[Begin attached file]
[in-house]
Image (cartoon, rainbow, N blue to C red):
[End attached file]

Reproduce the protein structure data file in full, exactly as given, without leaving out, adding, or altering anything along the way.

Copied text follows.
[in-house]
Image (cartoon, rainbow, N blue to C red):